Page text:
It is really simple.... 1.13 times cordite weight for using RL-15 or 1.3 times with IMR 4831 as a starting point. For filling in the empty space.. gray foam plugs by Kynock... or whatever gray packing foam you can get....or dacron pillow filler...
Just because the British did this over a century ago.... heh.... they did it RIGHT.... all we can do is try to equal what they did. All we have done is repackage ..... yes a Lott at 2300 fps with a 500 grain is more than a 480 grain 450 Rigby... but died is died.
The fun is re-animating this glorious calibers of old...
The 9.3 x 74R is a wonderful round..... if pressed... it will take an ele down....
Having sold and shot both the Merkel and Blaser doubles, I prefer the Blaser. You can get into one for less than 10K
I have been trying to get my hands on a Heym to see what I think of them. I've handled Merkels, Chapius, Blasers, and Kriegoffs. I'm not to big on any of them. The Heyms seem to be the best thing going in a factory rifle. What's yours chambered in? Do any of the shops around here carry them? Have you had any experience with Searcy's doubles?
My Heym is 470 NE.... I bought it "used" from Champlin Arms... the listing hasn't been taken down so if you go to the site and select double rifles and scroll to the Safari 88B with matching 20 gauge barrels... that is the one. Factory target shows 1 inch grouping at 100 meters. Sort of a "match grade" double.
I have handled Merkels, Heyms and a rare opportunity to (carefully!!) hold a Royal Ejector Holland and Holland sidelock. The owner of said H&H has very good knowledge of doubles...in the modern class he really liked the Heym... it is a classic "balanced between the hands" rifle, mounts smoothly and when you open your eyes after shouldering.. it is on aim... LOP for me is around 14 3/4. Craig Boddington also likes the Heym. I did shoot my PH's Francotte 470 NE.... what a rifle... Champlin had one just like it for $17500 and I waited too long to make up my mind...
A good used Safari 88Bis around $16,500.... a Chapuis is around $11K.... my Merkel cost $7500 10 years ago. The Heym PH is not finished as well externally... but the internals are what count. The Heym is "light" versus the Merkel ... so recoil is more.... but only at the range. The Heym's intercepting sears are a very nice option.
The Blaser has adjustable barrels so one can "regulate" the rlfle to any load... not just a narrow set. By adjusting the muzzle alignment of the barrels, the Blaser is fully adaptable to any weight bullet. The Blaser uses the same cocking/safety as Krieghoff (patented by Merkel in early 1900's). The only question on the Blaser is the robustness of the adjustment system. The real price break for the Blaser is not having all the cost of man-hours to regulate the barrels. That keeps the cost down.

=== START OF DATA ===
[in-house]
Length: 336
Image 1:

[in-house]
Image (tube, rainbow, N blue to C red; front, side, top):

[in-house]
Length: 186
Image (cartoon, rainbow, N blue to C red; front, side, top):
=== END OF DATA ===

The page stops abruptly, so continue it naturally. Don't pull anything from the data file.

I like the 470 NE and as noted before the 450/400. There is one other... the 500/416... giving one a Rigby performance in a double....John Taylor thought this should have been done by Rigby in the early 1900's along with the bolt gun 416. Here you get a 400 grain 416 bullet out the snoot at 2400 fps... very nice. The 450/400, 450 NE and others have been given life by Hornady.... so I thank them for keeping the faith... and Kynock is also back... doubles are better than ever.
Hit Guns America to see what is out there. Hit "The Gun Room" as a branch point for many good quality gun sellers....
A web site.... NitroExpress also has info.
MidwayUSA and Huntington carry the reloading gear.... you HAVE to reload to enjoy a double.... Cast lead bullets are a good step. I have a LBT mold design that allows a 500 grain cast lead to shoot accurately at full power... Factory loads are beyond "expensive"..
And get Graeme Wright's "Shooting the British Double Rifle".
Thanks. I already reload so that's not a problem. I'm leaning towards the 88B instead on the PH. I was worried about the finish on the Ph being too shiny especially in close to elephants and buffalo. Do you see this as a problem?
Elephants and shiny actions
Elephants can see you long before they get concerned about shiny actions... they have very good eyesight, great smell and are super intelligent. The Heym has a matt finish anyway. The only Big Five with poor eyesight is the rhino. We saw black rhino tracks... including baby black rhino... nice to know they are alive... just don't want to bump into them by mistake.